NEW YORK — New York City will be getting two new major vaccine distribution centers by the end of the month, Gov. Andrew Cuomo announced Wednesday. 

The sites, which will open in Queens and Brooklyn the week of Feb. 24, are meant to address disparities in vaccine access in communities of color. 

With a supply of 3,000 doses per day, the sites will be the largest vaccine distribution centers in the state, Cuomo said, and their supply will come from a special allocation from the federal government, and not come out of the city’s weekly allocations. 

“These sites are different than anything we’ve done before,” Cuomo said at a press conference announcing the sites, where he was joined by members of the White House COVID-19 task force and civil rights leaders. “These are going to be very large sites. They're complicated situations, but they're gonna address a dramatic need of the vaccine for people who need the vaccine most.”

One site, in Queens, will be located at York College in Jamaica. The other site, in Brooklyn, will be at Medgar Evers College in Crown Heights. They will be staffed by both federal army personnel and state guard members. The sites will be open only to residents of their respective boroughs.

The site in Jamaica is located near communities that have seen high rates of deaths from COVID-19, according to city data.

Cuomo said the state is planning to create similar sites in upstate New York aimed at vaccinating people in “socially vulnerable communities.” 

The sites, he added, are meant to combat skepticism in those communities about the vaccine by building trust that the vaccine is safe and accessible. Cuomo underscored the fact that the sites are not part of state or city health systems.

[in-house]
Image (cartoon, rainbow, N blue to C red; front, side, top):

“If you just go to the existing public health system, it doesn't exist in health care deserts — that’s why they’re health care deserts,” Cuomo said. “Any distribution of the vaccine has to take that into consideration at inception.”

Rev. Al Sharpton praised Cuomo’s efforts to expand vaccine access for Black and Hispanic Americans, and said he would get his own first dose of the COVID-19 vaccines at one of the sites. 

“It’s really a matter of life and death,” Sharpton said. “These mass vaccination sites in Queens and in Brooklyn will have a huge impact.”

Cuomo credited the administration of President Joseph Biden with setting up the new sites and their separate vaccine allocation stream. 

The sites are the latest major vaccination hubs to open in the city. On Wednesday, Citi Field, in Queens, opened up for vaccinations for Queens residents and licensed taxi drivers and food delivery workers. On Friday, Yankee Stadium opened up for residents of the Bronx. 

Cuomo's announcement came less than an hour after Mayor Bill de Blasio appeared at Citi Field to draw attention to the opening of that site, which only has supply enough to give out 800 vaccine doses through Saturday. 

In response to a question about the state opening a separately supplied vaccine hub in Queens just after the city opened an under-supplied site in the same borough, Cuomo said of the city, "That was their decision."

At a press conference Wednesday afternoon, de Blasio repeated his wish for a direct supply of vaccines to New York City from the federal government, which de Blasio said would "simplify" the vaccine process and ensure that the city receives enough vaccine to cover people from the suburbs and out of state who use city sites.

"I respect anything and everything the state does. But I'm trying to get a simpler approach for the city, where we get a direct allotment," de Blasio said. "We gotta go back more to what we have historically done, which is let localities figure out whats right for localities."